1% for Orchid Conservation “Good Faith” Agreement for Orchid Societies
Purpose: To raise money and awareness for in situ orchid conservation.
Fulfillment of Participation:
Donation: An orchid society agrees to donate 1% or more of net revenue each year towards the in situ orchid conservation organization or project of its choice. In situ orchid conservation is defined by the criteria in Exhibit B (Approved Organizations). The criterion is a broad definition of in situ orchid conservation from the buying of habitat to research that supports in situ orchid conservation.
Orchid societies can also contribute to its own in situ orchid conservation projects.
A quarter (.25 %) of the first 1% can be non-monetary donations including volunteering. Orchid Society’s boards will determine the fair market value of any non-monetary donations.
Donations above 1% can be any combination of monetary and non-monetary.
Initial and Continued Donation: An orchid society agrees to make donations to approved organizations (Exhibit B), during each of its fiscal years, or within sixty (60) days after the end of each fiscal year, in an amount not less than one percent (1%) of its net revenues (“One Percent Donation”) in accordance with the following schedule.
(a) Joining Date Occurs Within the First Six Months: If an orchid society’s joining date falls within the first six (6) months of an orchid society’s fiscal year, the orchid society shall make the donations starting that fiscal year.
(b) Joining Date Occurs After the First Six Months. If the joining date falls after the first six (6) months of an orchid society’s fiscal year, the orchid society shall make the donations for the fiscal year immediately following the fiscal year that it joined. However, they can make donations in the fiscal year that they join in.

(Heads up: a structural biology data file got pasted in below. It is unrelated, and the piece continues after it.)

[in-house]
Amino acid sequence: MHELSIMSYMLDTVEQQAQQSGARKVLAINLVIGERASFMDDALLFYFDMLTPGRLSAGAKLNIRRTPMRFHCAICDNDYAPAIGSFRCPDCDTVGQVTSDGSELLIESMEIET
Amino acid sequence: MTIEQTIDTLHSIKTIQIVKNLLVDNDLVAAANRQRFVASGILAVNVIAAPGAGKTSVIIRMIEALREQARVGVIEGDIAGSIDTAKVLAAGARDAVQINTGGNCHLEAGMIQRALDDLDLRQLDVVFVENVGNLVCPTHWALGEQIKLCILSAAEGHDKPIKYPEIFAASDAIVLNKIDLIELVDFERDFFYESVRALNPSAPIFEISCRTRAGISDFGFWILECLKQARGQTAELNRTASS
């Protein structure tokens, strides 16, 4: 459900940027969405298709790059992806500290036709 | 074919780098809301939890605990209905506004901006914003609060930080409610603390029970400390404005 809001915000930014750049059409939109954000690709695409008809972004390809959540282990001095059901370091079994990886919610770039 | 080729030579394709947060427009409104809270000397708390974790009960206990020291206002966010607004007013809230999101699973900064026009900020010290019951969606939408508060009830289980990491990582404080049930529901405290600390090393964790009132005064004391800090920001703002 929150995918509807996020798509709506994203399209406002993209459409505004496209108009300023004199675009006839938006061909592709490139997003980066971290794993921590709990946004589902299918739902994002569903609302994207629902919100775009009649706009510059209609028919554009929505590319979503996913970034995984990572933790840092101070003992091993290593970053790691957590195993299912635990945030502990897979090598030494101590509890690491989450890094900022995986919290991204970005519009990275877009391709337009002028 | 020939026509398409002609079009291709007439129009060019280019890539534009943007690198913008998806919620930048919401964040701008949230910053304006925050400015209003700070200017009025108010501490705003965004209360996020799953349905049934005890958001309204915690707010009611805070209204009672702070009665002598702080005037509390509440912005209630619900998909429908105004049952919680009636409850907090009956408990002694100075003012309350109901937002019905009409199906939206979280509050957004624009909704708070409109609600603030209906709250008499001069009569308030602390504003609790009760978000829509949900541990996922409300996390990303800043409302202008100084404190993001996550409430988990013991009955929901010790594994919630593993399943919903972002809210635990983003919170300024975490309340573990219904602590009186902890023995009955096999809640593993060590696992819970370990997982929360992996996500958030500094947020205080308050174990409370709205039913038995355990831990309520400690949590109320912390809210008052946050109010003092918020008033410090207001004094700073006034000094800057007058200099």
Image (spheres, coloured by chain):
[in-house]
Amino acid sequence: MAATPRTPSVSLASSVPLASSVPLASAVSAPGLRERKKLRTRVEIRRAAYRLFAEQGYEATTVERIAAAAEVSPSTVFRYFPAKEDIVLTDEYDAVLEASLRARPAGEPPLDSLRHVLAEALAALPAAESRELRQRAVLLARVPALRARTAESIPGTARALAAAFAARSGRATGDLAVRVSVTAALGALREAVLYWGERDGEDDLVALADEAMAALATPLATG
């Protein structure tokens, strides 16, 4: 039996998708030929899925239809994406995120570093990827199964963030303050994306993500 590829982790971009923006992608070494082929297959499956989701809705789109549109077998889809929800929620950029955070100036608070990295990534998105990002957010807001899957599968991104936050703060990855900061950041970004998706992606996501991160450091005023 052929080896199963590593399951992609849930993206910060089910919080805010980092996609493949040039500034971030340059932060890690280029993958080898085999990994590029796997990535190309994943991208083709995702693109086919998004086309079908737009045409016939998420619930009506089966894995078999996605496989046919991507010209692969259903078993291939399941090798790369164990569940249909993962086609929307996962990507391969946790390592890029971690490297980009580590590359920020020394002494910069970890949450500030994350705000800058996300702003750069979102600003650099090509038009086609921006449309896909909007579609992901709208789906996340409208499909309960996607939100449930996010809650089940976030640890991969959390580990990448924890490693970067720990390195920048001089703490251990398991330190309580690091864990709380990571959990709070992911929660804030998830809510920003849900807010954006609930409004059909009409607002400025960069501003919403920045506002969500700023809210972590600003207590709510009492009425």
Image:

Reporting of Donation: Orchid Societies will report the amount of its donation and the recipient for a fiscal year to the administrator. This information will be held confidentially. It will only be used in a grand total for promotion to encourage other organizations to join the coalition and to measure how the coalition is doing.Trademark Use: A participating orchid society can use the 1% for Orchid Conservation logo for plant sales, shows, and where needed. 1% for Orchid Conservation banners and digital files are available. Ask the administrator. If a participating orchid society has a website the Orchid Conservation Coalition asks that the orchid society use the logo on the website and link to the Orchid Conservation Coalition website.
Determination of Fulfillment: An orchid society’s board is the sole determinant of whether the society has fulfilled the 1% for Orchid Conservation “Good Faith” Agreement for Orchid Societies.No Fee: Beyond the above fulfillment of participation there is no fee. 1% for Orchid Conservation and the Orchid Conservation Coalition does not accept any money. You cannot give or donate any money to 1% FOC or the OCC. The coalition does not pool money or decide where money should go beyond defining in situ orchid conservation in the criteria Exhibit B of this agreement.
Notice of Joining or Termination: A designated board member of an orchid society will notify the Orchid Conservation Coalition administrator of a society’s participation or termination. Participation or Termination is executed upon notification.
1% for Orchid Conservation is a program of the Orchid Conservation Coalition. Participation in 1% for Orchid Conservation means you have joined the Orchid Conservation Coalition. This agreement is an agreement between coalition participants. The coalition does not have a board. All coalition participants have equal ownership of the coalition. The Orchid Conservation Coalition is a coalition in every sense of the word “coalition”.